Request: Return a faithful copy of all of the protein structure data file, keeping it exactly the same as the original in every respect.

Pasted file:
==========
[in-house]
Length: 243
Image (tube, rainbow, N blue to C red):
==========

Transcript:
[in-house]
Length: 243
Image (tube, rainbow, N blue to C red):